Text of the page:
• Adequate and clearly defined physician and provider network standards that ensure patient choice; 
  • Prompt credentialing processes; 
  • Uniform efficiency standards and requirements for submitting and tracking preauthorization requests; and  
  • Measurement of HMOs' provider retention rates.    

"We are talking about complex needs that need to be addressed and [that require] access to specialists and providers. So if a provider tells us that because of the administrative requirements he or she is no longer willing to do business with Medicaid, we are going to have an issue in terms of access, and we take that seriously," said Gary Jessee, deputy director for HHSC's Medicaid and Children's Health Insurance Program (CHIP) division. 

To prepare for the workgroup's first meeting in May, HHSC surveyed physicians and other Medicaid professionals, HMOs, consumers, and advocates, including TMA, on policy and regulatory recommendations for how to achieve the law's administrative simplification goals. 

The state survey elicited more than 200 suggestions. They center on four areas that are ripe for improvement and that align with TMA's priorities:  

  1. Claims processing,
  2. Credentialing, 
  3. Standardization of forms, and 
  4. Prior authorization processes.  

A fifth category of "other," but no less important, issues raised includes concerns over HMO network adequacy and the state drug program, also among TMA's concerns. 

At press time, the workgroup was in the process of forming subcommittees to tackle the various categories and develop solutions over the next several months. HHSC must report back to the legislature on its progress by Sept. 1. 

Bill author and sponsor Sen. Juan "Chuy" Hinojosa (D-McAllen) says he and the legislature are looking forward to that report after what he agrees were a number of "bumps in the road" getting the Medicaid managed care expansions off the ground. 

"One of the key requests we made was to get doctors involved [in improving the system] because they are the ones on the front lines," he said. "Through this legislation, we have a formal structure in place to get this workgroup together to discuss the issues on how to make the program run smoothly so we can focus on providing care to the people who need it." 

Making Progress

Though the workgroup remains in its early stages, Dr. Fisch highlights some emerging solutions that peaked common interest. 

One idea gaining traction is the potential for a centralized credentialing clearinghouse. Instead of physicians filing the same information over and over again and Texas Medicaid and health plans processing duplicative paperwork, all parties seem to align over the potential for a one-stop data repository for credentialing purposes.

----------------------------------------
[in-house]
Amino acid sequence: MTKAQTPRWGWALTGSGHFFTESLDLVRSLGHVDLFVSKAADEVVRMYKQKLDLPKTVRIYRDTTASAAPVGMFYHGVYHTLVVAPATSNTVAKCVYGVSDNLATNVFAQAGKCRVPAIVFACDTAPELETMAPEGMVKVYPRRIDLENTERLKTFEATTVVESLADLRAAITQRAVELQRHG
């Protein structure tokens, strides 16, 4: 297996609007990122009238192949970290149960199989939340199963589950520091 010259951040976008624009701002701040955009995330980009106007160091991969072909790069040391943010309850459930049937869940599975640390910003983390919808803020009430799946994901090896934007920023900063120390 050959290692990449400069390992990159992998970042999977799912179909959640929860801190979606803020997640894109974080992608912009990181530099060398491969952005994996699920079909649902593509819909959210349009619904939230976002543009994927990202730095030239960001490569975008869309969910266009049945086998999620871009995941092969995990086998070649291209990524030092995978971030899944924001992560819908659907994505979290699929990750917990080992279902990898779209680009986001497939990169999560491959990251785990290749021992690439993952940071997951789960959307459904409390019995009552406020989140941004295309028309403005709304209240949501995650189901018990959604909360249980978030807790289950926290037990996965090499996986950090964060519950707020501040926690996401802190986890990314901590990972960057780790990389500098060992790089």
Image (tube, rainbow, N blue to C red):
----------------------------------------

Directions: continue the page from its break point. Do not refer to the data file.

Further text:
Dr. Fisch says physicians, HMOs, and Medicaid also seemed to agree with the need to streamline the state's preferred drug list (PDL) and updates to it. Even though HMOs administer the drug benefits, HHSC determines the drug list and edits made to it, often creating a disconnect between the state and the health plans.

For doctors, "there are a lot of abrupt and arbitrary changes we don't learn about until the patient goes to the pharmacy and finds out that drug is no longer covered or we have to get prior authorization for something that used to be routine," Dr. Fisch said. Not only does it disrupt care, "it's annoying. It's a hassle. And the call is for a much more systematic way to make changes in PDL and announce those changes," for example, through the Epocrates web-based application.

Dr. Zeid says physicians and other professionals also galvanized around the idea of a single, standardized prior authorization form and shifting those forms and processes online. 

Two other TMA-backed laws, Senate bills 1216 and 644, direct the Texas Department of Insurance (TDI) to adopt standardized medical and prescription drug prior authorization forms for use by all health plans, including Medicaid HMOs. HHSC participates in the TDI workgroups developing the forms and once completed, it plans to implement them across Medicaid managed care, Mr. Jessee says. 

On the other hand, he says, although physicians and others may prefer to see all HMOs have the same prior authorization practices, managed care rules give plans "flexibility around utilization management and review practices, so we probably won't get to a place where they all have the exact same process. But if providers knew what those processes were, and they are clearly defined and easily accessible, even if they varied, that is something we could work through." 

When it comes to claims, TMA and others took issue with HMO payment clawbacks for services physicians provided to patients enrolled in an HMO at the time of service but later determined ineligible. HHSC officials indicated they are open to identifying the most common eligibility errors that result in recoupments to see if system changes could prevent the problem.

TMA also expressed concern over outdated state network adequacy standards for Medicaid HMOs, which Dr. Fisch says continue to result in shortages in specialty care for Medicaid patients.